Data normalization is a term often associated with databases. In this sense, the database designer is looking to create a cohesive set of data that reduces data redundancy and increases data integrity. Sometimes your data might be presented to the client in a database, so this makes perfect sense. If you are instead creating a document in a text format or other non-database format, you still want to apply those same principles of reducing redundancy and increasing integrity. For example, data from disparate sources that describes the same event can be consolidated to reduce confusion.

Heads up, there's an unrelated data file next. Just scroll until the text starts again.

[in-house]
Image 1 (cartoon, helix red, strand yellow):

Also, the report is likely to be read by a variety of audiences. This might include board members, end users, and technical administrators. They all need to be able to read through and understand your findings and recommendations. So, you need to target your reports to account for these differences. There might be sections for executive summaries for those who only need a high-level understanding. There might be links to more technical information that end users might find too confusing. Essentially, you want to normalize data in the report to make it as clear to the target audience as possible, all while minimizing extraneous information that just contributes to the noise.